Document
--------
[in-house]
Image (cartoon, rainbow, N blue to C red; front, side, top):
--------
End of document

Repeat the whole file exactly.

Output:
[in-house]
Image (cartoon, rainbow, N blue to C red; front, side, top):